87     Finally, the applicants dispute the claim that the benefits of the Agreement were reserved to national brewers (recital 62 of the Decision). This objection is insufficiently substantiated. Although the applicants claim that the Agreement was open to all brewers operating in Luxembourg, it was not signed by a single foreign brewer. The argument that two Luxembourg brewers were not expelled from the Agreement following their takeover by a foreign brewer does not demonstrate that foreign brewers as such could join the Agreement. On the contrary, the provision in Article 11 for a party to the Agreement to be expelled if it came under the control of a foreign company or cooperated with a foreign brewer shows that the Agreement was supposed to be reserved exclusively to national brewers. The fact that this article was never implemented does not alter that finding.

88     It follows that none of the arguments put forward in support of the third part of the first plea can be accepted. That part must therefore be rejected.

–       Allegedly wrong classification of the Agreement as having the object of impeding the penetration of the Luxembourg on-trade (fourth part of the first plea)

89     In the declaration of intent concerning foreign brewers the parties reserved for each other the priority for canvassing and for the conclusion of a supply contract with a publican tied to one of them if he was preparing to conclude a contract with a foreign brewer. The declaration of intent concerning Battin provided for terminating the Agreement in respect of Battin if there were a change in the terms under which Battin distributed certain foreign beers. Finally, Article 11 of the Agreement provided for termination in the event of control by a foreign company or cooperation with a foreign brewer.

90     Moreover, as the Commission rightly points out, the machinery established by the declaration of intent concerning foreign brewers related only to a foreign brewer wishing to supply a Luxembourg publican but did not protect a foreign brewer whose Luxembourg customer was preparing to take supplies from a Luxembourg brewer.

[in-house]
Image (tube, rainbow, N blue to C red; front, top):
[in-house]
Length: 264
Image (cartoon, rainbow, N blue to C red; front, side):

91     In those circumstances, it must be concluded that the Commission did not err in law by considering that the object of the Agreement was to impede the penetration of the Luxembourg on-trade by foreign brewers.

92     None of the applicants’ arguments is such as to invalidate that conclusion.

93     First, as regards the argument that the Agreement was intended merely to counter the breach of ‘beer ties’ by foreign brewers, it must be observed at the outset that that argument is not based on fact, since the Agreement applied even where no ‘beer tie’ existed, as will be shown in connection with the second part of this plea.

94     Furthermore, it should be pointed out, as it was in connection with the rejection of the third part of this plea, that the circumstance adduced by the applicants, even if it were assumed to be correct, could not justify the restrictive object of the Agreement, as has just been found.

95     Lastly, by submitting that the Agreement was aimed at preserving the possibility for a Luxembourg brewer to respond to the offer of a publican contemplating a contract with a foreign brewer, the applicants themselves admit that the Agreement was restrictive by object. In that it preserved that possibility, by definition it changed the conditions of competition to the detriment of the foreign brewer concerned.